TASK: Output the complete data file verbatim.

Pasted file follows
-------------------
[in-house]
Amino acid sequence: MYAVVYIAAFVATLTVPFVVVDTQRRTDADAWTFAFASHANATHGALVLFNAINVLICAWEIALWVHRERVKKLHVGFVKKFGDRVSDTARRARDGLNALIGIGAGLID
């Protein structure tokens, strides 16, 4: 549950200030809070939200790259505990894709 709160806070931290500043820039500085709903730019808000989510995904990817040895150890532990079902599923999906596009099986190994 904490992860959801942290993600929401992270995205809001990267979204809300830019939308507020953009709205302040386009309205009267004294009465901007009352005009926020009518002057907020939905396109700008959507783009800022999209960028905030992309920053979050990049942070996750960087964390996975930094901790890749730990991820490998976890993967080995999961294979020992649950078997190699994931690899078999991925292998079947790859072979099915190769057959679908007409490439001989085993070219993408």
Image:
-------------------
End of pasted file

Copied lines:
[in-house]
Amino acid sequence: MYAVVYIAAFVATLTVPFVVVDTQRRTDADAWTFAFASHANATHGALVLFNAINVLICAWEIALWVHRERVKKLHVGFVKKFGDRVSDTARRARDGLNALIGIGAGLID
């Protein structure tokens, strides 16, 4: 549950200030809070939200790259505990894709 709160806070931290500043820039500085709903730019808000989510995904990817040895150890532990079902599923999906596009099986190994 904490992860959801942290993600929401992270995205809001990267979204809300830019939308507020953009709205302040386009309205009267004294009465901007009352005009926020009518002057907020939905396109700008959507783009800022999209960028905030992309920053979050990049942070996750960087964390996975930094901790890749730990991820490998976890993967080995999961294979020992649950078997190699994931690899078999991925292998079947790859072979099915190769057959679908007409490439001989085993070219993408």
Image: